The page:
They were dealt a better hand. The thieves dyed their hair brown, left their whole stolen collection in Baltimore, went by new names and never returned.

By Jan Ryan

“Did you seek protection? Couldn’t you find the museum or the May apartment?” berates the Interrogator.
“Do you understand simile?” she retorts, “Like a plant, someone has to move me.”
“… throw out some seeds or fall into a visitor’s lap?” the questioning continues.
“After I left the museum no one drew, photographed, no more art history analysis, no X-rays or Internet. There were dire consequences were they to admit they had me. Outside we could be chased through a land of video cameras.”

By Jan Ryan
He sacrificed much of the children’s tuition and his wife’s precious roasts for the Renoir for which the thieves considered him an idiot. He HAD TO bargain: How much cash did they think he could account for? He hated doing business with amateurs and their “buyer” was so condescending. He loved what he loved and he loved the Renoir. If you can’t see why you would have been nothing to him.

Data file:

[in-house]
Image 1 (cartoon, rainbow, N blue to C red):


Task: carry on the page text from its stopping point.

In a fit of nerves his wife gave the Renoir to the maid.

By Jan Ryan
The maid knew what “this guy” was all about. Research at the museum and libraries made her think the painting was real. There was no way to know for sure. She told her kids it was a copy of a corner of a real Renoir. They took crayons to paper to make their own replicas, thereby, in the maid’s opinion, leaving a trail. Uneasily she wiped it clean of fingerprints figuring otherwise her great grandkids would get themselves into trouble selling it thinking they were trying to pass it off as real.

By Jan Ryan
I would be happy to return to the museum with the school kids piping up with comments, the stoned teenagers dully saying, “Cool.Renoir,” the adults telling wise tales that aren’t true, the quiet ones (mysteries they are thinking) and intimidated visitors finally blurting out, “I like THIS one.” Thanks! What’s not to like? They all liked me but there was nothing to do but look at me so they looked and looked and I looked back.

This is the final post for She Poses for Moses. The Renoir Returns exhibition is on display in the Museum until 20 July 2014. Examine all the evidence in the Renoir Returns Flickr group, and visit the BMA to see the all the works of art shown in this story in person.